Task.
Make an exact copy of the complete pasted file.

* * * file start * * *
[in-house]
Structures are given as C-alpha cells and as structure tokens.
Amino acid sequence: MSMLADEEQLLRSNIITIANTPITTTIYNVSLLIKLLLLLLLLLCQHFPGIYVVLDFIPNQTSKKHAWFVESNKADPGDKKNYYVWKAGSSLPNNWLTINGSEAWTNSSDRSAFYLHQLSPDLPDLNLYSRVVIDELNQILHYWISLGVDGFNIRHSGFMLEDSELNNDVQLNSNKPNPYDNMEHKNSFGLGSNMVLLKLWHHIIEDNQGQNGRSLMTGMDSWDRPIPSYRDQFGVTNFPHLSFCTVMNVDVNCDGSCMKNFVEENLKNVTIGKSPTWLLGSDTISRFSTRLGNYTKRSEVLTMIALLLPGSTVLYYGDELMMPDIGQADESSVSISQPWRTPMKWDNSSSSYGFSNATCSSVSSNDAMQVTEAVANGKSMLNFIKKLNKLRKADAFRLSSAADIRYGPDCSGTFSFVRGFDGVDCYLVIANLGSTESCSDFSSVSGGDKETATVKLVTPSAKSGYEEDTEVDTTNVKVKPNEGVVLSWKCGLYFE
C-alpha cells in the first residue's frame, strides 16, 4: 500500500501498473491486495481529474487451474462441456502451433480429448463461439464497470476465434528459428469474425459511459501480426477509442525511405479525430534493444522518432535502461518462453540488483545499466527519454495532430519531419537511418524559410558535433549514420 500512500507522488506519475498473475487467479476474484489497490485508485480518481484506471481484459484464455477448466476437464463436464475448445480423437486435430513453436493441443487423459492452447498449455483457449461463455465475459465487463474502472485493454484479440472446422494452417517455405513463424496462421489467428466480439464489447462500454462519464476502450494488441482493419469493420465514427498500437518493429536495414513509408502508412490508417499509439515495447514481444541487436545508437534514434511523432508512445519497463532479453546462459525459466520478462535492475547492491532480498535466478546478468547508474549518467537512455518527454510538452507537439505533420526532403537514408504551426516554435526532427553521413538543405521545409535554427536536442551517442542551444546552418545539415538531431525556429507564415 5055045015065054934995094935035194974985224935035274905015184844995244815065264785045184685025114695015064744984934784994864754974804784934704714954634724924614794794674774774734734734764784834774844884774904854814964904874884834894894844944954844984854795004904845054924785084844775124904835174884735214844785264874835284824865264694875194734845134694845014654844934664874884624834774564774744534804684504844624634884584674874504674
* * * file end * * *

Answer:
[in-house]
Structures are given as C-alpha cells and as structure tokens.
Amino acid sequence: MSMLADEEQLLRSNIITIANTPITTTIYNVSLLIKLLLLLLLLLCQHFPGIYVVLDFIPNQTSKKHAWFVESNKADPGDKKNYYVWKAGSSLPNNWLTINGSEAWTNSSDRSAFYLHQLSPDLPDLNLYSRVVIDELNQILHYWISLGVDGFNIRHSGFMLEDSELNNDVQLNSNKPNPYDNMEHKNSFGLGSNMVLLKLWHHIIEDNQGQNGRSLMTGMDSWDRPIPSYRDQFGVTNFPHLSFCTVMNVDVNCDGSCMKNFVEENLKNVTIGKSPTWLLGSDTISRFSTRLGNYTKRSEVLTMIALLLPGSTVLYYGDELMMPDIGQADESSVSISQPWRTPMKWDNSSSSYGFSNATCSSVSSNDAMQVTEAVANGKSMLNFIKKLNKLRKADAFRLSSAADIRYGPDCSGTFSFVRGFDGVDCYLVIANLGSTESCSDFSSVSGGDKETATVKLVTPSAKSGYEEDTEVDTTNVKVKPNEGVVLSWKCGLYFE
C-alpha cells in the first residue's frame, strides 16, 4: 500500500501498473491486495481529474487451474462441456502451433480429448463461439464497470476465434528459428469474425459511459501480426477509442525511405479525430534493444522518432535502461518462453540488483545499466527519454495532430519531419537511418524559410558535433549514420 500512500507522488506519475498473475487467479476474484489497490485508485480518481484506471481484459484464455477448466476437464463436464475448445480423437486435430513453436493441443487423459492452447498449455483457449461463455465475459465487463474502472485493454484479440472446422494452417517455405513463424496462421489467428466480439464489447462500454462519464476502450494488441482493419469493420465514427498500437518493429536495414513509408502508412490508417499509439515495447514481444541487436545508437534514434511523432508512445519497463532479453546462459525459466520478462535492475547492491532480498535466478546478468547508474549518467537512455518527454510538452507537439505533420526532403537514408504551426516554435526532427553521413538543405521545409535554427536536442551517442542551444546552418545539415538531431525556429507564415 5055045015065054934995094935035194974985224935035274905015184844995244815065264785045184685025114695015064744984934784994864754974804784934704714954634724924614794794674774774734734734764784834774844884774904854814964904874884834894894844944954844984854795004904845054924785084844775124904835174884735214844785264874835284824865264694875194734845134694845014654844934664874884624834774564774744534804684504844624634884584674874504674